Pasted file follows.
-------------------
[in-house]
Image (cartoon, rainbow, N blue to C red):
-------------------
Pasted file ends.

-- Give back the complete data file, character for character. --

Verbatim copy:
[in-house]
Image (cartoon, rainbow, N blue to C red):